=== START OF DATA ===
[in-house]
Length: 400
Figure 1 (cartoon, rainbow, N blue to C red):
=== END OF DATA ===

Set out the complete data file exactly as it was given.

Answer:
[in-house]
Length: 400
Figure 1 (cartoon, rainbow, N blue to C red):